The U.S. Court of Appeals for the First Circuit held that, under the statute, the only relevant question was whether the provider “knowingly misrepresented compliance with a material precondition of payment.” It allowed the false-claims suit to go forward, adopting its own version of the theory that by submitting bills to Medicaid, the health-care provider implicitly certified that it was following Massachusetts regulations when it was not.

Universal Health Services, supported by heavy hitters like the American Health Care Association and the American Hospital Association, argues that the implicit certification theory is unrealistic. When a provider submits bills to Medicaid, says UHS, it isn’t saying it followed every regulation to the letter, just that it performed the service for which it is billing. According to this view, the False Claims Act should be reserved for true fraud, where a provider never gave the service for which it’s billing.

The federal government, appearing in support of Yarushka’s parents, disagrees. It says that a bill implies that the provider is claiming it deserves to be paid -- which isn’t true if it knows it hasn’t followed regulations.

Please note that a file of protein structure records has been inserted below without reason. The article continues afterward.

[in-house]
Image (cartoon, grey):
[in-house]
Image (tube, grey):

There are good arguments on both sides. At bottom, it’s a policy dispute about how the False Claims Act should be used to police health care.

Professor David Engstrom of the Stanford University Law School, the leading academic expert in the field, submitted a friend-of-the-court brief highlighting empirical research suggesting that the growth of litigation in this field has been moderate, not extreme, as the health-care industry maintains. Engstrom points out that under the law, the Justice Department can always take over a suit brought by a private citizen, which makes the government into a de facto gatekeeper. In his view, the government effectively monitors the private lawsuits to make sure they’re only brought where the violations of regulations are significant, and where the providers actually know they’re not following the rules.

For the justices, the case may well come down to their instinctive allegiances, whether with the health-care industry or with patients and government. If you think U.S. health care costs are too high because of legal compliance costs, you might conclude that the implicit certification theory is a bad idea. If you’re more worried about fraud, however, you’ll probably consider an army of private attorneys general to be the best and cheapest method for policing taxpayer-financed health-care providers.

This column does not necessarily reflect the opinion of the editorial board or Bloomberg LP and its owners.

To contact the author of this story:
Noah Feldman at nfeldman7@bloomberg.net

To contact the editor responsible for this story:
Jonathan Landman at jlandman4@bloomberg.net